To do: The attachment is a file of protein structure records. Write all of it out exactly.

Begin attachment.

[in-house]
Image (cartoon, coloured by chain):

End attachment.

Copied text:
[in-house]
Image (cartoon, coloured by chain):